Faire le pont

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Today, le jeudi de l’Ascension (Ascension Thursday, Holy Thursday, or Ascension Day), is a christian holiday. As it is celebrated 40 days after Easter Sunday, it always falls on a Thursday and often in May, even if the date varies. It is a bank holiday in France. Just an extra day off in May, but for most people it is much more than that: as they font le pont (literally: make the bridge), they have a long holiday weekend. They won’t indeed work Friday, nor Saturday. The expression faire le pont means that if a public holiday falls on a Tuesday or Thursday, the break is extended by also taking the nearest Friday or Monday off work. These two days are not official bank holidays, but following a kind of tradition that means people don’t work. Faire le pont applies to administrations, schools and some companies. In any case, it depends on the good will of the management. Sometimes it does count as a holiday that you have to deduct from your annual quota of days off, sometimes not. It might be paid as a normal working day, or not. Lots of people do work though, in shops, restaurants and hotels etc.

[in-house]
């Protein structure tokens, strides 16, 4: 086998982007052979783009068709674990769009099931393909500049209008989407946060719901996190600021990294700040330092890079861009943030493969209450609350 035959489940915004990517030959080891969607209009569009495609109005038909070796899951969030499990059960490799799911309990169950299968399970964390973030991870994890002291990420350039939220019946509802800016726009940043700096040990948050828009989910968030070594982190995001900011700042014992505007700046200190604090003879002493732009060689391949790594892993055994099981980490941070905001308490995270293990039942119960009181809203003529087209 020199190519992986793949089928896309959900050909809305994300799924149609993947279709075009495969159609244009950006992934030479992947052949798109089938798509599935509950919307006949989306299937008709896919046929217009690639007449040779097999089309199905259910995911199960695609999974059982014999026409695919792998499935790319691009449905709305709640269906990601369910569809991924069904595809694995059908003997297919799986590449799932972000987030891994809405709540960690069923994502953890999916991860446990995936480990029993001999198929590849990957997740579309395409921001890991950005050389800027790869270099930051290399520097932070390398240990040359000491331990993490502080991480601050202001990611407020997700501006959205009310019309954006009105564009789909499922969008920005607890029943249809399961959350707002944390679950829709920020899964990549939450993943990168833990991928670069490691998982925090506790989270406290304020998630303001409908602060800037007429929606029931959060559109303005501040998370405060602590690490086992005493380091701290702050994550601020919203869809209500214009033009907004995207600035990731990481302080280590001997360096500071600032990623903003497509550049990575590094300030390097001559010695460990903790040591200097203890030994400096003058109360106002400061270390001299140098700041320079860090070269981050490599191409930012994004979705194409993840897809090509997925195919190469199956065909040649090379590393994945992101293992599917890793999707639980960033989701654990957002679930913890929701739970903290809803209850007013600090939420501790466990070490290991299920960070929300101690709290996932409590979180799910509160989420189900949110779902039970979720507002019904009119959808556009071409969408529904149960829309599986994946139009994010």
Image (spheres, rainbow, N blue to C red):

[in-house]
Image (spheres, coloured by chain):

Grrr… grammar:

In the expression faire le pont, the third group verb faire has to be conjugated and to agree with its subject.
Faire is not only irregular, but also suffers from a weird pronunciation especially for nous in présent and for all the persons in imparfait. Let’s see:

Faire au présent de l’indicatif♥:
Je fais (I do /make)
Tu fais (you …)
Il / elle / on fait ( he / she / one does)
Nous faisons (we do / make)
Vous faites (you …)
Ils / elles font (they…)

Faire à l’imparfait de l’indicatif♥:
Je faisais ( I did / made)
Tu faisais
Il / elle / on faisait
Nous faisions
Vous faisiez
Ils / elles  faisaient

And listen:

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